Gov’t must cooperate with technocrats

The agreement reached at a mini EU summit with Greek Prime Minister Alexis Tsipras and other high-level EU officials, could mark the beginning of a more constructive engagement between the government and official lenders. This should become obvious in the next 10 days or so because failure to do so may bring about unpleasant consequences, including a credit crunch. Greece bought some time at the recent meeting but the clock is ticking.

The government has to present a full list of structural reforms to the lenders in the next few days, something that could have been done in previous weeks. The reforms will be evaluated and hopefully approved by the Eurogroup so that a portion of the 7.2 billion euros earmarked for Greece under the second adjustment program can be disbursed. Government officials are hopeful of smoother cooperation with the technocrats of the so-called Brussels Group, comprised of senior officials from the European Commission, the IMF, the ECB and the ESM (European Stability Fund), who are on a fact-finding mission in Athens.

However, third-party observers who are aware of the review process and the fundamental weaknesses of the Greek civil service are not that optimistic. Although communication between the two sides may be restored, helping reduce the frustration of the technical teams of the Brussels Group, the speed with which ministry officials and others can respond to queries about data remain a big question mark. Unless the Greek side has done some homework and is ready to deliver the figures requested, the observers say they would be surprised by a response in such a short period of time. If they are right, the review process will not be completed before we get well into April and Greece will not even be able to get the 1.9 billion euros it is hoping for from the return of income from bonds held by the ECB by then.

Politics aside, the observers also point out that the Greek side has underestimated the role of the technocrats involved in the review process. According to them, their role is not limited to mere fact-finding but extends to producing policy proposals sent to their superiors for approval or modifications if the Greek side objects. As far as we know, such engagement between the two sides has not taken place yet for fiscal and other data.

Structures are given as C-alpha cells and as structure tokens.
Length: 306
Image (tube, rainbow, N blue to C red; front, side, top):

The observers, who have a knowledge of the negotiations, say the task is made harder by the fact that the Brussels Group members are working from their hotel, with the information they request being delivered there. Figures which could be made available in 20 or 40 minutes at the General Accounting Office could take longer if meetings take place elsewhere. Communication may slow down further if some of the Greek officials involved simply do not want to deal with the technocrats for ideological or other reasons and are forced to, they add.

The leftist-led government, which places a lot of emphasis on political marketing, could single out the lenders’ concession about relaxing this year’s primary surplus target and its own claim about the Greek ownership of reforms to advance talks with the lenders and please the domestic audience. Although dealing with the more radical members in SYRIZA’s party could be challenging, we think the appeal of the government to the people is more important as a political priority. Its popularity is more well-served by ensuring there will be no more austerity measures and keeping the country in the eurozone than by a collision with Greece’s EU partners and a credit crunch.

Therefore, the government should be encouraged to cooperate with the technocrats, come up with a complete list of reforms, including privatizations, and start implementing them. In this regard, plans to use the privatization proceeds to mainly cover the shortfall in the social security system or elsewhere instead of retiring public debt are perceived as a unilateral action by the lenders and should be revoked. The least Greece needs is to extend the negotiations with the Damocles’ Sword of a credit crunch hanging above its head and conditions in the real economy deteriorating.

We have no doubt that no one wants a Grexit for political, economic and geopolitical reasons. From an economic point of view Greece is a nuisance for the EU and it is not worth risking a Grexit for a few more billion euros. However, the country has to respect at least some of the rules of the game to make it possible for its eurozone partners to disburse some funds so it avoids either a credit event or a domestic moratorium on payments to civil servants, pensioners and others.

The current impasse in the negotiations is not a problem for the EU as long as it pays no or little fresh money to Greece. The ECB’s policy to allow small increases in the loans available to Greek banks via the Emergency Liquidity Assistance (ELA) mechanism speaks volumes. Therefore, the government should take advantage of the last window of opportunity created by Tsipras’s talks at the EU summit to advance negotiations with the lenders and secure some funding. Time is ticking and it is not on Greece’s side.

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